Conclusion: Owning HP would do nothing good for Oracle’s profitability, especially at a moment when the stated goal is to nudge them up.

There’s more. As Mark L. Moerdler, an analyst at Bernstein Research, argued in a research note to clients on Sept. 26, software accounts for about 2 percent of revenue at HP. And what software it has is not the type that Oracle typically likes. When Oracle does acquisitions, it grabs companies that make applications that plug holes in its own product portfolio. The majority of HP’s software offerings — Autonomy nothwithstanding — deal with infrastructure management, not exactly a priority for Oracle. It is, however, a business where IBM and Computer Associates participate.

And there are two historically important business units at HP that would be outliers at Oracle: PCs and printers. Oracle has no interest in either one, and it’s hard to see that changing. Combined they make up more than half of HP’s annual revenue. In the hands of Oracle, they would probably end up being spun out, either together or separately, but why buy a whole company only to chop off more than half of it — a half that’s shrinking at that — at what would have to be unfavorable terms.

Let’s not forget the valuation estimate of HP’s $40 billion PC business: Analysts have expected that a hypothetical buyer might pay as little as $8 billion for it, or about one-fifth trailing revenue. Why go to all that trouble?

Further: Why would Oracle buy a company that’s roughly one-quarter exposed to the consumer market. Sure, HP has a retail distribution network that’s the envy of the PC industry. But Oracle would rather sell those retailers systems to help them manage their businesses, not the PCs they in turn resell at razor-thin margins.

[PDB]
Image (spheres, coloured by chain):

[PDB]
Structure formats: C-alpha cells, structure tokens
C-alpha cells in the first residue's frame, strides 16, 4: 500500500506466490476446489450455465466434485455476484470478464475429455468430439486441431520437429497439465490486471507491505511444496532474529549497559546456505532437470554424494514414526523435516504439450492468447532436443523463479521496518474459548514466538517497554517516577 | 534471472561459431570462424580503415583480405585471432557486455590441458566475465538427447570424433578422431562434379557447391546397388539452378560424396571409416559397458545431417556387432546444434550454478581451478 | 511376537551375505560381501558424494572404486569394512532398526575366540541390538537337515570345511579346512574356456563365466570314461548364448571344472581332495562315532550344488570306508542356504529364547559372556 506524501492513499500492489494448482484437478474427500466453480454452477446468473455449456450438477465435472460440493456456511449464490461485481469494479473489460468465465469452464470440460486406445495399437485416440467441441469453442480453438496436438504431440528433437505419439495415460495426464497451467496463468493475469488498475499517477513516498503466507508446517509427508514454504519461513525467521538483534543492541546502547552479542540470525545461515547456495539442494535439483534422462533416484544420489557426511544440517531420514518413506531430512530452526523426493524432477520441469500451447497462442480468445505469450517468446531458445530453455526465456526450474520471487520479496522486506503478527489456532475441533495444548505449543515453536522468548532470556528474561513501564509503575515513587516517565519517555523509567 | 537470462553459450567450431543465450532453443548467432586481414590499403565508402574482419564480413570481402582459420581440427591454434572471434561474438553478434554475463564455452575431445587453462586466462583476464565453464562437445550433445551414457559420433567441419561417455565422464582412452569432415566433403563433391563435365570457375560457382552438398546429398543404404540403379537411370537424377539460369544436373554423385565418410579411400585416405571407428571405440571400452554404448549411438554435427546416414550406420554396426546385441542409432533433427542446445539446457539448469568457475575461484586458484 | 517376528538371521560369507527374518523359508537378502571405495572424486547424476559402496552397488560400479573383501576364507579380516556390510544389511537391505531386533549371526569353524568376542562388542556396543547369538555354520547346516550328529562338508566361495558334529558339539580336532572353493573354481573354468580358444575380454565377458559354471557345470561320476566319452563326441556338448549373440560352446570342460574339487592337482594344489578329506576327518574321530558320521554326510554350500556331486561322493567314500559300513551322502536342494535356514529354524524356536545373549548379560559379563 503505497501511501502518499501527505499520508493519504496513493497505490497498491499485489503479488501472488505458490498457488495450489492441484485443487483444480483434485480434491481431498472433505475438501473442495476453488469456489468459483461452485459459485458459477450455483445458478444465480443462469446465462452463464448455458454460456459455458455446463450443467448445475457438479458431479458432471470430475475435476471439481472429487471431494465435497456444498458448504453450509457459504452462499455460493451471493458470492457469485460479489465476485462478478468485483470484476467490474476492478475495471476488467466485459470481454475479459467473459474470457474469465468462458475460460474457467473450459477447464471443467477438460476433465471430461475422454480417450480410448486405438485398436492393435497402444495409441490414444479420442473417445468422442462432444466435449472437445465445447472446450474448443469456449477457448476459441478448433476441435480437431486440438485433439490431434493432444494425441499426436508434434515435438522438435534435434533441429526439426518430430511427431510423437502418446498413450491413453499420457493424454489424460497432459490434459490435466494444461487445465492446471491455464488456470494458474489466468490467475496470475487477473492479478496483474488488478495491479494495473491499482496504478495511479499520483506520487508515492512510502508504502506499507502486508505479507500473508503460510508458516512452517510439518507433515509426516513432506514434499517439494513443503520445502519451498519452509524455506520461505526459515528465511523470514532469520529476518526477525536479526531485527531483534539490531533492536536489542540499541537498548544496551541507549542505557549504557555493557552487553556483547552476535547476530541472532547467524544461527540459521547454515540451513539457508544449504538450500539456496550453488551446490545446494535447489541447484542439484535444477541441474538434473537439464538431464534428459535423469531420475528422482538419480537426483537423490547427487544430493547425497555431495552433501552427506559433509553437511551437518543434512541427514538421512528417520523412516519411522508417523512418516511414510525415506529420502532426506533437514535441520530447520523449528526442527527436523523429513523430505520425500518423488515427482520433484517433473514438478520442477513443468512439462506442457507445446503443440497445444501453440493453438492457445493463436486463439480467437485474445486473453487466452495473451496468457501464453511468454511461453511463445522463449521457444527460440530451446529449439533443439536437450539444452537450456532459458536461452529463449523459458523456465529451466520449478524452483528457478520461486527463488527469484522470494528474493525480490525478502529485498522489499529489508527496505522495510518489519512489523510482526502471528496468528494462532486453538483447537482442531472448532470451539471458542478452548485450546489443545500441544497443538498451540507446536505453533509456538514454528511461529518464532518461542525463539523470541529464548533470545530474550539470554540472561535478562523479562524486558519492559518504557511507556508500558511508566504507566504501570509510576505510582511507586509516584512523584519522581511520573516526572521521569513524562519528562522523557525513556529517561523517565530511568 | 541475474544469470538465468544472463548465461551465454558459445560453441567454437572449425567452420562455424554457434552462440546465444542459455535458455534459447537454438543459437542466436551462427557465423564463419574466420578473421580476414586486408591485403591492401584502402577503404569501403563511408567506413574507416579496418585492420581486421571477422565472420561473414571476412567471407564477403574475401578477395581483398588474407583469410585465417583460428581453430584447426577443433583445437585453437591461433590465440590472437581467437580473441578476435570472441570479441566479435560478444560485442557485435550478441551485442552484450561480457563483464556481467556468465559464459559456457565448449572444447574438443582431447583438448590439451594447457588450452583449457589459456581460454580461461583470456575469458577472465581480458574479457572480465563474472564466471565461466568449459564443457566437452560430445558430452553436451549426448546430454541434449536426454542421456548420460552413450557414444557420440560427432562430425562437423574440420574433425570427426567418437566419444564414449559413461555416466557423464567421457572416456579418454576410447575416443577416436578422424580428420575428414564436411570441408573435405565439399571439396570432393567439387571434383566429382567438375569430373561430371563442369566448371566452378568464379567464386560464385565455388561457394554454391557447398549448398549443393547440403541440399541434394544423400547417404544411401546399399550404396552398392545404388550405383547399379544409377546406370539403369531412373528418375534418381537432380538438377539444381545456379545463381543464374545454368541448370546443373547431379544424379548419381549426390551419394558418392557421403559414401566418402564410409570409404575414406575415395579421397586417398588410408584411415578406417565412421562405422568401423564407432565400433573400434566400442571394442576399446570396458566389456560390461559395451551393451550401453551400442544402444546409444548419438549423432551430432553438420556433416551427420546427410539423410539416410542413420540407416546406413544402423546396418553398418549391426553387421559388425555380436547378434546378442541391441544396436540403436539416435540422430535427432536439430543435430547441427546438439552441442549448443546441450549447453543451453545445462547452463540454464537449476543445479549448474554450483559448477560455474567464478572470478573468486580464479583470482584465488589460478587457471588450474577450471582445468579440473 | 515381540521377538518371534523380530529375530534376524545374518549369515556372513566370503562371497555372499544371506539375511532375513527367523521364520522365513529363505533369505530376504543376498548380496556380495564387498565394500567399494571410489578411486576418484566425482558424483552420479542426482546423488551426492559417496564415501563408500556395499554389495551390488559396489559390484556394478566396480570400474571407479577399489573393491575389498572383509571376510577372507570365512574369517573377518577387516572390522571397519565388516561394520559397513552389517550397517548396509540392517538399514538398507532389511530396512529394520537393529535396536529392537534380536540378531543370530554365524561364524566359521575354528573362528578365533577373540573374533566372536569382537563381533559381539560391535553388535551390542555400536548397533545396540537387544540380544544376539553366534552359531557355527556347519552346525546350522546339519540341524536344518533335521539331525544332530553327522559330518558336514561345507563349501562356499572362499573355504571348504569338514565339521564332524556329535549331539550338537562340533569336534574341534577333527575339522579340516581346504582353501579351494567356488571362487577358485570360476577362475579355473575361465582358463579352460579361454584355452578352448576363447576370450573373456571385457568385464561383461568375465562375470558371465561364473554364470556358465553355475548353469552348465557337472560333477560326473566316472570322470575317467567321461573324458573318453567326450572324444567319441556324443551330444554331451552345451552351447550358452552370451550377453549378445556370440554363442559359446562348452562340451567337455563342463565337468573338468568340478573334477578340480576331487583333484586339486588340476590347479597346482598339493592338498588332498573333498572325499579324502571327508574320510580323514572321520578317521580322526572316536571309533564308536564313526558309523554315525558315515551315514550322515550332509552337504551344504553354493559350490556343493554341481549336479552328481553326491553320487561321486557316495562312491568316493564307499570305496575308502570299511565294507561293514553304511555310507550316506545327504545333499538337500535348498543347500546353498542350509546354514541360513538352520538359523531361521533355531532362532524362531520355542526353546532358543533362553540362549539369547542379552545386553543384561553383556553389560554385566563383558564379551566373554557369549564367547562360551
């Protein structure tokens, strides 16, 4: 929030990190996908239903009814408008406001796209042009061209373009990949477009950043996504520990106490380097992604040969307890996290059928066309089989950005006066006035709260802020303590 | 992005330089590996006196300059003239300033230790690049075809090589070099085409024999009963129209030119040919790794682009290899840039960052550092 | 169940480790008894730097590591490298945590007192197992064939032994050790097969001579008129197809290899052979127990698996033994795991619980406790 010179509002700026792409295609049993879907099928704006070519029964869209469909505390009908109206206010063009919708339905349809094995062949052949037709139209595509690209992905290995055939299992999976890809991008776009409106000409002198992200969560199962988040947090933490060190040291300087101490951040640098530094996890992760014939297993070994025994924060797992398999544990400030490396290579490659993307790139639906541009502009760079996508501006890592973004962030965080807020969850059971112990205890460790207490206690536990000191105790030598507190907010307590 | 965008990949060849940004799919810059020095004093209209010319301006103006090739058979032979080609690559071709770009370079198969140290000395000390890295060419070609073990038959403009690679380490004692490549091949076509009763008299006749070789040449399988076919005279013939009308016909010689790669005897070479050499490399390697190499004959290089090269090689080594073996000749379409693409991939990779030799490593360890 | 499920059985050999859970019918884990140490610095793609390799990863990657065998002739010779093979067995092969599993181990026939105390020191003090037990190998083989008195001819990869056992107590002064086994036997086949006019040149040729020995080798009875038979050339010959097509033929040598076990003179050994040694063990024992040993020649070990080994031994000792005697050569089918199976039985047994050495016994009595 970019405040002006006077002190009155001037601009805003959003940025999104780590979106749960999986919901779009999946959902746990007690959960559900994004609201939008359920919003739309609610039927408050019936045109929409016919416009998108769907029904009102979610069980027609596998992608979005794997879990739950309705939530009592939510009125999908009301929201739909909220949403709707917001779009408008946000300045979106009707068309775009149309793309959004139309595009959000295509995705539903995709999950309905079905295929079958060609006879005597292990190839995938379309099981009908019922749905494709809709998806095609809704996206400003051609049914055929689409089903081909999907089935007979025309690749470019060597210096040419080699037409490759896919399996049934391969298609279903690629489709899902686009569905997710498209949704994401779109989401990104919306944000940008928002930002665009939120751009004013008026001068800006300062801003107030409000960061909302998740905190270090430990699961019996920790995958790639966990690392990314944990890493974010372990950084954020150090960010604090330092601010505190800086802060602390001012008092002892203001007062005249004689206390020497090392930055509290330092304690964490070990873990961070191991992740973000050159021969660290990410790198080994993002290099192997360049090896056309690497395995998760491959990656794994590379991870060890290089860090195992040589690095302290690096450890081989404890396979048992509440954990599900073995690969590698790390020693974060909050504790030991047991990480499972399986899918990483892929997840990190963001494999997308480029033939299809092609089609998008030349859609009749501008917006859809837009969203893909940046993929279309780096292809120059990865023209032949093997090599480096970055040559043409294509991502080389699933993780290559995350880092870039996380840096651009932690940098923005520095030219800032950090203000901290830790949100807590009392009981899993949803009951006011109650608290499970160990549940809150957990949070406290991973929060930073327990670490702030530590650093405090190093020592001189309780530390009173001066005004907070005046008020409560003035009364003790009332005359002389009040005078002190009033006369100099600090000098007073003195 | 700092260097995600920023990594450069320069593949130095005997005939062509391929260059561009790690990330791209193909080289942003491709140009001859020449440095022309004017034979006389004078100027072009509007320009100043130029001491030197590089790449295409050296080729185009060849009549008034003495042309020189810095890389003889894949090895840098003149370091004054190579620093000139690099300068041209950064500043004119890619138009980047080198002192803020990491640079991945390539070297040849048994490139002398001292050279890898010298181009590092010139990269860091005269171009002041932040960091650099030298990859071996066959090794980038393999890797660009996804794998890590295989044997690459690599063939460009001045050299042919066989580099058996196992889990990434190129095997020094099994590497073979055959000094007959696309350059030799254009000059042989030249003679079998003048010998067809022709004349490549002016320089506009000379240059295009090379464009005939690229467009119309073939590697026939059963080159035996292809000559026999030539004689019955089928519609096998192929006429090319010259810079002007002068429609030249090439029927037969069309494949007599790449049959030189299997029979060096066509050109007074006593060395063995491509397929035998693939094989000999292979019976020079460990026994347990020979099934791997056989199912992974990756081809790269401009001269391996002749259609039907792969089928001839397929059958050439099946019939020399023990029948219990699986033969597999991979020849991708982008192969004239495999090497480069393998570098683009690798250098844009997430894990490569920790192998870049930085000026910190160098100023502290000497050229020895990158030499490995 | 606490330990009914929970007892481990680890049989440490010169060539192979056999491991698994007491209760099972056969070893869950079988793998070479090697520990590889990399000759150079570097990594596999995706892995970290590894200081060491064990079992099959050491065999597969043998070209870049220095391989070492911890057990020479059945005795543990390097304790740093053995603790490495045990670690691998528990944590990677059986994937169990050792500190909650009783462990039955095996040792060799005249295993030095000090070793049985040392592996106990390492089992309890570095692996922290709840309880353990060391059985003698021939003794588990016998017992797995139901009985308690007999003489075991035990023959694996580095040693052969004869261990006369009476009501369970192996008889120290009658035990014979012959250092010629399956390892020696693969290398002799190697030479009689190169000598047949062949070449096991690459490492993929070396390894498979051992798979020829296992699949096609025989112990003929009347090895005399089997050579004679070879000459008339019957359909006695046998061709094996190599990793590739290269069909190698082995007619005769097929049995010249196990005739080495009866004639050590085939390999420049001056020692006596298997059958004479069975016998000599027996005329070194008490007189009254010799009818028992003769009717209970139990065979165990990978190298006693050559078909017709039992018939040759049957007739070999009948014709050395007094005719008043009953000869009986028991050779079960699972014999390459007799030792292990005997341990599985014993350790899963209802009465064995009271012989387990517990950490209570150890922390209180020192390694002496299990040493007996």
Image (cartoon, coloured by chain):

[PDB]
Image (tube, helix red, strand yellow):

If that’s not enough, then there’s one key bit about HP that Oracle would actively dislike. HP, by virtue of being the biggest distributor of Windows-based PCs and servers, is the world’s largest reseller of Microsoft Windows. If there’s anything more utterly antithetical to Oracle’s core values than helping put money in Microsoft’s pocket, I haven’t heard of it.

Finally, there’s the issue of cash. Even in its weakened state, HP is trading at a market cap of $45 billion and change. Assuming a premium for the whole thing, that pushes a hypothetical price tag to $60 billion. That’s too rich, even for Oracle, whose balance sheet as of Aug. 31 contained a combined $31.6 billion in cash and marketable securities. It would have to take on a tremendous amount of debt — amounting to 82 percent of fiscal 2011 sales — to get such a deal started, let alone closed.

HP’s directors and shareholders can rest easy. They have many worries about the Silicon Valley icon and the troubles in which it finds itself. But being acquired by Oracle isn’t one of them.


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Another gadget you don’t really need. Will not work once you get it home. New model out in 4 weeks. Battery life is too short to be of any use.

— From the fact sheet for a fake product entitled Useless Plasticbox 1.2 (an actual empty plastic box) placed in L.A.-area Best Buy stores by an artist called Plastic Jesus